Does a church have to compromise its theology to grow larger? Absolutely not! Have some? Sure. And have some small churches done the very same thing to make a relatively small handful of tithers happier with the status quo? Definitely. It happens, and when it does, it’s not good. What bothers me is the stereotyping of all large and growing churches as somehow diminishing either the quality or depth of their ministries. Research simply suggests a very different picture.

Consider the findings of thorough research conducted by the Leadership Network (who happen to be experts in the field of data and research). Glance at this graphic:

Small Church Large Church Infographic

Graphic courtesy of Leadership Network.

Some of the most popular stereotypes of large churches simply don’t hold water. In general, megachurch attenders tend to be more informed about doctrine, more intentional about serving others, and more involved in missions. They tithe more, attend more, and seem to have more healthy, close relationships. Again, this doesn’t mean that small churches are bad or ineffective. It merely suggests that our anti-growth, anti-large-church mindset may not only be misinformed, but harmful to the cause of the gospel.

I would even argue that there is a reason you don’t see theologically liberal churches busting at the seams and going multi-campus. When we stop believing in inerrancy, and heaven and hell, and the exclusivity of Christ to salvation, we lose all sight of our missional mandate and our motivation for growth in the first place.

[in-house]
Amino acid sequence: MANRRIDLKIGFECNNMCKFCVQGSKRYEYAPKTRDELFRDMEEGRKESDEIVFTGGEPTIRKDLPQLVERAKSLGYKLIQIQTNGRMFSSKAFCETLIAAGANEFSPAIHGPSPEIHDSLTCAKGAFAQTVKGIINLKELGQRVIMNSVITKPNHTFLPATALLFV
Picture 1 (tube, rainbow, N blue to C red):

So how large should a church be? I’m not sure why we think there’s a ceiling, other than the surrounding lost population. Is there a person in your community who doesn’t know Jesus yet? Then, larger, at least by one. When people visit our young church plant that meets in a local movie theater and shares that they’re currently part of a church that has “just gotten too large” and are “looking for something a little smaller” my response is always the same. If God leads you here, we trust Him, but we also hope to disappoint you as soon as possible.

If reading this post has conjured images in your mind of a “Six Flags Over Jesus” movement of enormous high-tech cathedrals filled with thousands of people who only show up for the the show or the sermon with no intention of deepening their walk or engaging others in ministry, you have a seriously flawed picture of what megachurches are actually like. In reality, larger churches typically work very hard at also becoming smaller, getting people into small groups, making disciples, developing leaders, and deploying tellers of the good news. When they don’t do these things intentionally, they usually don’t stay large for long.

If you’re part of a small church (say, 100 or less-ish), that’s great. You’re in a sweet spot. Support your Pastor, join a team and serve, and seek out the next lost person and thank God for the large church across town. If you’re in a medium or large church (relative to the typical congregation), that’s great too. Support your Pastor, join a team and serve, and seek out the next lost person and thank God for all the smaller churches that are also working hard in the harvest.